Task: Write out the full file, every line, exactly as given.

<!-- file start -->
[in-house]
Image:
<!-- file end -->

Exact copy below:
[in-house]
Image: